After David moved into Jerusalem, he wanted to return the Ark of the Covenant to Israel. It had been staying in the house of a priest named Abinadab, seven miles west of Jerusalem. His sons, Uzzah and Ahio, were put in charge of transporting it from his house to Jerusalem, on an ox-drawn wagon.
Two miles into the journey, the oxen stumbled, causing the wagon to shift. Uzzah reached out to steady the Ark, touching it. He was killed instantly.
In the book of Leviticus, God dictated that only priests who had offered sacrifices could approach the Ark. That it could only be lifted with acacia poles, and not touched by human hands. Abinadab was a priest and should have known these dictates, yet he ignores them. And loses a son.
To our minds, the instant death of Uzzah seems so unfair. But Lucado writes “The question is not why did God kill Uzzah but rather why does he let us live?” How may of God’s laws have I knowingly broken?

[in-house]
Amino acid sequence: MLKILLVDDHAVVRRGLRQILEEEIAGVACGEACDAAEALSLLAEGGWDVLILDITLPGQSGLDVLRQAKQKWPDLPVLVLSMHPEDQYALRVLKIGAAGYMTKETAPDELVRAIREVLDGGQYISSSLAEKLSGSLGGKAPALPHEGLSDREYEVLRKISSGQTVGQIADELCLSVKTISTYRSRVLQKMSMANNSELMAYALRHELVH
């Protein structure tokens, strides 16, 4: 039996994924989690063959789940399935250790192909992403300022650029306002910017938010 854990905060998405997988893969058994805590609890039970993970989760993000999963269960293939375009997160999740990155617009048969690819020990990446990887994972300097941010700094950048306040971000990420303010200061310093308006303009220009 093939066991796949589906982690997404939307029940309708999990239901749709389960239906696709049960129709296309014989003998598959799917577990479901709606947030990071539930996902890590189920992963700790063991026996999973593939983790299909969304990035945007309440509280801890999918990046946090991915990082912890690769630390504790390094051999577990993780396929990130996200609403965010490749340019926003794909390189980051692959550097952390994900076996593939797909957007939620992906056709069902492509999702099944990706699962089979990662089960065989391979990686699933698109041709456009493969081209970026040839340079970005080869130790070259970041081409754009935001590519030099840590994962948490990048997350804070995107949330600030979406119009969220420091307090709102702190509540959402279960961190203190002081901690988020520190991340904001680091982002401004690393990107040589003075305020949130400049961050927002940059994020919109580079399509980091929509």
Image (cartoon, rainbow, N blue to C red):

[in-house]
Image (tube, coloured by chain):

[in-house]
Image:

Everyone went home. The Ark was put in the home of Obed-Edom temporarily.
Three months later, David returned and resumed the journey with the Ark to Jerusalem. This time, David used priests instead of ox. They used special poles to carry the Ark on their shoulders.
After David successfully got the Ark to Jerusalem, he danced with joy. The Ark represented God to David, and he was thrilled. Lucado writes that “God’s present is his presence.” I have to remember this – I have to be grateful for God’s presence in my life, not for all the “benefits” I try to claim are a result of God’s presence in my life.